It was exciting to watch her. It was like when I had tried to bring the baseball fields home, only she dreamed bigger.
When she was eleven, a presidential candidate came to speak in Seattle. He spoke about no poverty and no war, about all the things that she had learned by then made up my father’s true home.
Let’s go see him, she said. Let’s go and hear him speak, because the way he is talking sounds like the home we are trying to have here.
My sister and my father went, and they listened to him speak to a big crowd, and the man was elected president, and five or six years later, he did what American presidents do, which was that he started a war.
When he did, my father said to my sister, I never should have listened to you.
We all laughed to hear that, me and my sister and my mother. We laughed sorrowfully because the war was starting and we all hated to see it. But it was wonderful to see that my father still had his true home, that he had kept it with him all this time. It was wonderful to see that he didn’t have to know the first thing about the people in the country that the war was being waged against to know that their sorrow was a part of his true home.
When we stopped laughing, my sister said, I was only eleven years old when I said that we should go to hear him speak.
So what? my father yelled. What the hell does that have to do with anything?
My sister blushed because she saw how much respect my father had had for her at eleven. I had never seen her look so proud.
Okay, she said. I’m sorry.
The next time you ask me to do something like that, I’m not going to do it.
I should have stayed home that day, he said.
My sister didn’t have any bitterness toward him. She was thinking of the same thing we were—how full and wonderful his true home must be if he could feel with such precision a regret for one day of having abandoned it. He looked as though the people in the country that was being bombed knew that years ago he had gone with his daughter to hear the president speak. He looked as though he was saying to them in a private language—I’m sorry, she is my daughter, I didn’t know what else to do. You have daughters too, you know how they can be when they want you to take them somewhere.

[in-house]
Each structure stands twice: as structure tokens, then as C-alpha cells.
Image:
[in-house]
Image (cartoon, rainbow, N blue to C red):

For just a moment, I thought that the people in the country that was being bombed were more a part of his true home than we were. Not because my sister had made him go to the speech. But because that was where the misery was. He had been staying ready for them. He had been staying ready all this time that we were living in our town to make a home expansive enough to reach across the world if that was where the injustice was.
And I saw what Mercer Island was better than I ever had before. It was a space for our physical presence while our hearts went wandering all over the world looking for home together. It was good to have a place whose trees and clouds and lake we knew. It was good to have a place whose people we wondered about. The wondering was our home. The wondering had been my father’s home when we had first arrived, and it was still his home many years later. He wondered so furiously and desperately that it looked like he was not a part of any place at all. We would look at him and think that he must be very lonely. But then something would happen to make us remember he was more a part of the living earth than anybody.